Since 2002, prices for apartments and villas have risen an average of 30% per year – even more in the expat areas of Jinqiao, Gubei, and Hongqiao. Since the advent of the global economic crisis, prices have not fallen – in fact their levels have increased due to the Universal Expo. All experts agree that China, especially Shanghai, has a real state bubble.
Demand for living quarters in Shanghai will continue to be strong, given the lure of doing business in China by foreign corporations and due to the incessant Chinese spirit of using property investments as their preferred form of savings. In addition, the supply of new apartments and villas is not keeping pace with the demand.
A recent trip to Gubei illustrated this demand: groups of at least 20 real estate agents were located at the gates outside of Mandarine City and the Mandarine City Gardens – they were escorting prospective buyers to see properties or were handing out flyers with the latest rental or sales prices. It was noted that one apartment that was offered for 2.8 million RMB six months ago now commands 3.3 million.
In Pudong, at the intersection of Chengshan Road and Jinxiu Road, there are real estate agents occupying each of the four corners with tables or bulletin boards, and others simply passing out flyers to passers-by.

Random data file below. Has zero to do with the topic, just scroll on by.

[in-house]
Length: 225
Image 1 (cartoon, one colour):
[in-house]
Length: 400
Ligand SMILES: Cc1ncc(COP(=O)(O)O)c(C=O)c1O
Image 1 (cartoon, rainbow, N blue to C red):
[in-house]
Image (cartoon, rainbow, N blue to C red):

Possible reasons for this resumed price increase in properties are:
- The government has loosened their guidelines for loans and mortgages. In addition, many of the restrictions for obtaining loans for second and third homes or apartments have vanished.
- Statements by the Central Government that a strong real estate market is in the best interest of the country.
- Expectations of continuing higher inflation rates in China.
- Prices for new properties in the expat areas range from 21,000 to 45,000 RMB per square meter.
Ease of Finding New Apartments or Houses
Expats can still find living space in Shanghai, although they might have to settle for older properties rather than new buildings, since demand is stronger than supply. Read this Guide’s other sections on “Finding a Home,” Renting in Shanghai,” or “Buying in Shanghai.”